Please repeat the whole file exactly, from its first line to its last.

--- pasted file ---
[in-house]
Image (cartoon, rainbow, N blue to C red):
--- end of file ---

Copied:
[in-house]
Image (cartoon, rainbow, N blue to C red):